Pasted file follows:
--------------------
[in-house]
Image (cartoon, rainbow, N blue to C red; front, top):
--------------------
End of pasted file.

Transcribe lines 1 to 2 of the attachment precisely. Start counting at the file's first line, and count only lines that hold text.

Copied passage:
[in-house]
Image (cartoon, rainbow, N blue to C red; front, top):